But, in all truth, a list of helpful travel essentials could go on forever. Every traveler is unique, after all, and while some people might prefer traveling as lightly as possible, others only feel comfortable when they have access to all the comforts of home.
Still, I’m always on the lookout for new products, and I’m grateful to those who have occasionally sent me samples to review for you, my fellow travelers and soon-to-be-missed readers. So, while perusing the items that I’ve received in recent months, I’ve decided that the following five (all pictured above) might be of some interest.
Even as a travel writer and a frequent traveler, I often find it hard to pack efficiently. Will I need my bathing suit? A fancy dress? A warm coat? Sandals? Boots? Sneakers? Sometimes, depending on where you’re going and what you plan to do once you get there, it’s hard to streamline your baggage. Of course, versatility is often the key when packing. For instance, I’ll typically bring a dress that’s comfortable enough for sightseeing and fancy enough for dining in a nice restaurant, but of course, I’m always open to new ideas. That’s why I appreciate the sleeveless, lightweight dresses offered by Nuu-Muu, each of which is short enough to double as a long top over jeans, yoga pants, or similar garments. Both stylish and loose-fitting, they’re ideal for exercising, touring, lounging on a beach, or going out on the town, and you can even use them as an extra layer in cooler weather. In the case of the one that I own – the figure-flattering X-Dress ($70) – it can serve as both a roomy top or a little black dress, making it suitable for hiking trails, gyms, restaurants, and nightclubs alike. Generally speaking, these dresses fall into one of three categories – Nuu-Muu Classic, which come in various eye-catching colors and patterns; Ruu-Muu, which feature convenient pockets; and Mini-Muu, which are made for kids – and luckily, no matter which one you choose, it will be easy to clean while on the road, as Nuu-Muu apparel only requires a cold wash and a bit of air-drying.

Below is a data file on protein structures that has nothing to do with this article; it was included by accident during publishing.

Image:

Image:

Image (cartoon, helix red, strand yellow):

After my husband, Dan, bought me my first (and, so far, only) iPhone, he admittedly set about finding a sturdy case for it. After all, as a classic klutz, I’ve been known to drop – and, consequently, break – more than a few items in my day, and even though we’d purchased the normally expensive iPhone at an extreme discount, I still didn’t fancy breaking it right out of the gate. Ultimately, I ended up with a waterproof OtterBox, and though I’ve had to replace it once (since, unfortunately, the belt clip isn’t as sturdy as the rest of it), it’s certainly spared my phone the typical consequences of various spills, including inadvertent tumbles onto concrete sidewalks. Still, the OtterBox can be rather bulky in certain situations, so it’s nice, from time to time, to have a more streamlined option, such as the Nicea Book iPhone 4/4S leather purse ($70), a slim, lightweight, wallet-style case that fits easily in most apparel pockets and can protect your iPhone from everyday scratches and abrasions. Although it opens like a book, with a magnetic lid that closes firmly, the Nicea still provides access to your iPhone’s camera, flash, headphone port, speakers, volume controls, and battery-charging port – and as a bonus, it features an inner pocket for stowing your ID, a credit card, and perhaps a business card or two. The only drawback for me is that the lid doesn’t close as tightly when the inner pocket is filled. Nevertheless, it’s a handsome case – I have the tea-hued one in crocodile-style leather – and it’s certainly not the only choice available in MapiCases‘ vast array of colorful cases, which are crafted not just for iPhones but also for Android smartphones, iPads, and tablets.